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Symmetric Histogram – Definition & Examples

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A symmetric histogram is a histogram for which the mean and the median are equal. If we draw a line through the center of a symmetric histogram it will get divided into two equal halves. The two halves will be identical mirror images of each other. A symmetric histogram is said to have zero skewness (no skewness).

Unimodal Symmetric Histogram:

If the symmetric histogram has a single “peak” then the distribution is said to be a unimodal symmetric histogram. The word “uni” means one which refers to the fact that the histogram has a unique modal value.

Example:

Consider the following set of data values given in the table below:

Class MarkFrequency
0 – 103
10 – 205
20 – 307
30 – 409
40 – 507
50 – 605
60 – 703

On graphing the above table values we get a histogram as shown below:

Unimodal Symmetric Histogram
Unimodal Symmetric Histogram Example

The graph is clearly symmetric about the line drawn through the middle. The peak is attained at the median which is equal to 35. We can calculate and check that the mean value is also equal to 35.

Bimodal Symmetric Histogram:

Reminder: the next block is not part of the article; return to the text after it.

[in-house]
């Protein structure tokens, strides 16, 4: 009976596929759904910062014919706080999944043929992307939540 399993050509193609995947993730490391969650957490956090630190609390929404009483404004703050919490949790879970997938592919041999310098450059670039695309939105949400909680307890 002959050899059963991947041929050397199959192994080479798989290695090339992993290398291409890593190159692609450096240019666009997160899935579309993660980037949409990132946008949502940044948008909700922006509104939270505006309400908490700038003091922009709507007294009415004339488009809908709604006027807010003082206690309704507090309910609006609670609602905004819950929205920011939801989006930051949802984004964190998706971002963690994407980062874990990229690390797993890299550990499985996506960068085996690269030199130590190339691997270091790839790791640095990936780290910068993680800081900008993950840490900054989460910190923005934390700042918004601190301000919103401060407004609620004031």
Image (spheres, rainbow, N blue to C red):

If the histogram has two “peaks” then we say that it is a bimodal symmetric histogram. The prefix “bi” means two indicating there are two modal values. Note that the heights of the two peaks in a symmetric histogram must be equal in order for the graph to be symmetric.

Example:

Consider the following set of data values given in the table below:

Class MarkFrequency
0 – 102
10 – 204
20 – 306
30 – 404
40 – 502
50 – 604
60 – 706
70 – 804
80 – 902

On graphing the above table values we get a histogram as shown below:

Bimodal Symmetric Histogram
Bimodal Symmetric Histogram Example

Notice that there are two peaks at the values 25 and 65. These are the two modal values. The median and the mean are both equal to 45. Note that the red line divides the histogram into two equal parts showing that the graph is indeed symmetric.

Real Life Example of a Symmetric Histogram:

If we were to plot the heights of all the adult males living in a particular city then the graph would be roughly symmetrical. This is because the vast majority of people would have an average height which would give us a “peak” in the center of the histogram. The number of short and tall people would be distributed roughly equally to the left and right of our peak giving us a “bell” shaped curve.

Normal Distribution Curve
Bell Shaped Curve
Summary
Article Name
Symmetric Histogram - Definition & Examples
Description
A symmetric histogram is a histogram for which the mean and the median are equal. If we draw a line through the center of a symmetric histogram it will get divided into two equal halves. The two halves will be identical mirror images of each other.
Publisher Name
allthingsstatistics.com

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